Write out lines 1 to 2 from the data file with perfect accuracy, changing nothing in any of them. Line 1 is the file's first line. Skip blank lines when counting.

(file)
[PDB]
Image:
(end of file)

[PDB]
Image: